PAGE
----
From your perspective, what’s different about skateboarding or the skateboard industry now from when you turned pro?
A lot has changed; just the Internet alone has changed life. I’m so glad that I was able to film video parts and put my all into them in an age where there were no Internet comments. It was all real life interactions. It’s rare for you to meet someone in real life and have him or her come up to you and say, “Fuck you” or “I hate that song that you skated to.” Nobody ever says that to you, it’s rarely even whispered to the homie on the side. People aren’t mean. Everyone lies on the Internet, so a lot of these dudes that are mean and are gangster are probably the ones that are getting bullied.
I think the progression of skateboarding is fine; it’s where it needs to be. The skateboard progression is always amazing. No time period is any different from any other one, because the groundbreaking shit is amazing. I think that it sucks for skateboarding to be overexposed, because I think that some of the best memories of my life were the mysterious things. Like Neil Blender is kind of mysterious to me. He’s amazing, but I don’t know him more than those couple of G&S videos and that street contest in Tempe, Arizona where he draws the face on the wallride.
Do you feel like Roller Horror is bringing anything to skating that’s currently missing?
I don’t even know what other people are doing. What I’m doing is organic. I was honestly thinking “No one is going to be feeling this.” I just want to skate curbs and fuck around and have fun. Everyone wants to have the best tre flip or the longest grind; I want to have the most fun. I just appreciate things like that—things that people take for granted. I just didn’t think people would understand it, but I started it and people got it and I was really stoked. It’s not some elaborate plan that I’ve been working on for years. It’s like “Make some fucking skateboards and go out and ride ‘em dude.”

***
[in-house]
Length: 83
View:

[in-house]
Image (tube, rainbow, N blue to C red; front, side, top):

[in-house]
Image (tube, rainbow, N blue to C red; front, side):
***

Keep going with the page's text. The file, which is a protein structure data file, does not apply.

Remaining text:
How did growing up skating EMB and being around all of that creativity influence what you’re doing now with Roller Horror?
It gave me enough confidence to say, “I’m doing this, and I’m putting it out.” You have to run your shit up the flagpole and see who comes and salutes it. Embarcadero installed that in my brain from day one. I saw dudes that couldn’t speak English that were confident as fuck, getting girls, skating around, getting sponsors. There were people from all walks of life, everybody. Just being a little kid around that, I carried it over into my everyday life.
Is there anything that you learned from riding for companies or being involved in the industry over the years that particularly influenced the direction in which you’re taking Roller Horror?
Yeah, in a sense because I’m going the other way, I’m not rolling down those streets whatsoever. I’ve been with brands when they started. I’ve watched them have fun at first and then kind of pick up their look and stick with it. With my brand, I see that I can have fun and kind of play with the graphics. I have my drawing theme, so they all look similar; but there’s really not a plan—it’s all kind of on a whim.
A big part of the aesthetic of Roller Horror is the fun factor in skating. Do you feel like skateboarding takes itself too seriously these days or is too competitive?